Peter Tatchell is wrong: gays have the right to be dull and conservative!

July 2, 2014 at 7:54 am (Civil liberties, gay, Human rights, LGBT, middle class, Peter Tatchell, Pink Prosecco)

Beehive Handknits for Men 01

Guest post by Pink Prosecco

Peter Tatchell is an admirable man who has campaigned bravely on LGBT rights and many other issues.  However I cannot agree with the thrust of this post, recently published in Gay London.  To summarise, he regrets the way in which the LGBT community has retreated from ‘radical idealism to cautious conformism’.  He wishes instead that LGBT campaigners questioned the institution of the family and were generally less bourgeois, and complains that more timid types only jumped on the LGBT bandwagon when it was safe to do so.

But this can be turned round I think.  One might conjecture that the handful of LBGT men and women who were prepared to campaign and be visible forty years ago were unusually independent and tough minded.  They were perhaps thus also more inclined to be non-conformist and politically radical in ways that went beyond sexual orientation.

I should note at this point that the ‘pink’ in ‘pink prosecco’ only references my slightly sub-shirazian shade of politics. However personally I don’t see why LGBT people should be expected to be any more or less radical than anyone else.  It’s a sign of progress not regression that people who are dull, or disagreeably right wing, are as happy to identify as LGBT as creative, radical, edgy types. Peter concludes:

“The unwritten social contract at the heart of the recent campaigns for LGBT law reform is that gay people should behave respectably. No more cruising, orgies or bondage. In return, the ‘good gays’ will be rewarded with equal treatment. The ‘bad gays’, who fail to conform to conventional morality will, of course, remain sexual outlaws. Is that what we want? A prescriptive moralism that penalises non-conformists within our own community?”

But why should bondage and a rejection of conventional morality be seen as LGBT specific issues?


  1. Peter Tatchell is wrong: gays have the right to be dull and conservative! | OzHouse said,

    […] Jul 02 2014 by admin […]

  2. "dagmar" said,

    Indeed. Tatchell’s line, repeated for decades, that ‘gays (and lesbians) are sexually liberated and therefore basically ‘better’, more ‘progressive’ (etc.) than heterosexuals ‘ is wrong on various counts. It implies that sexuality is a lifestyle choice and those who do not choose homosexuality are somehow politically and socially backward.

    It represents social progress, of a sort, when there is, for many people, nothing ‘special’ about not being heterosexual; when being homo/gay/bi/etc. can be as boring as watching paint dry. Like Tatchell (I presume), I would have preferred campaigns for the abolishing of marriage as opposed to its extension to same-sex couples, but that isn’t the society we live in.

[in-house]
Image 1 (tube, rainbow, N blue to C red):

3. pinkagendist said,

    I’m not sure he’s all that wrong. Of course LGBT individuals have the right to be and do whatever they choose, but there’s a problem if the only model pushed by the LGBT establishment is one where acceptable gays are those who want to be in the military, get married in a church and adopt Asian babies.
    The underlying factor is that we haven’t been pushing for equality of citizenship (independent of sexuality)- but for the right to adopt/emulate the traditional right wing schema for life and family. What use is gay marriage to Americans who live in one of the 19 states where one can be legally fired because of their sexual orientation?
    This is the unfortunate result of the perfect storm. The sexual liberation of the 70’s was followed by the AIDS crisis and the subsequent holocaust. In my generation sexual liberation became synonymous with disease and death. I grew up in fear. If I was gay, as some seemed to believe before even I knew- that meant I’d have AIDS. My cheeks would sink in, my eyes would hollow, my lips would turn purple and dry and people would whisper horrible things behind my back and later at my funeral; or so I thought at the age of eight in 1986.
    The Modern Family gays have every right to be like every other family, but how about those who aren’t? How about those who can’t be?

    • Mick O said,

      Tatchell isn’t far wrong. Why single out LGBT people though? Over the last few decades there has been a noticeable lurch back to bourgeois attitudes among various groups who were once considered edgy. Each to their own I suppose. I must admit there are several high profile right wing gays that piss me off. Can’t they see that they are allying themselves with the type of people calling for their marginalisation not so long back?

      • pinkagendist said,

        I suppose that being LGBT, we notice it more in our own group than we’d notice it in another 🙂
        Personally, I don’t quite believe a good number of the “right-wing” gays. These days being controversial means high profile- free publicity, appearances etc. People like Katie Hopkins, the professional cretin, are making careers out of this sort of self promotion. There’s also the Great Dissenter profile. UKIP gets young woman of Asian descent to lead their youth movement. American republicans get a black man to head the rnc after Obama gets elected.
        Any minute now Marine Le Pen is going to hire a black jewish Algerian single mother who intends to convert to Islam to be the face of the FN.

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